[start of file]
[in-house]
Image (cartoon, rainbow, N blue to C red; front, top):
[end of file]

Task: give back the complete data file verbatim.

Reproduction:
[in-house]
Image (cartoon, rainbow, N blue to C red; front, top):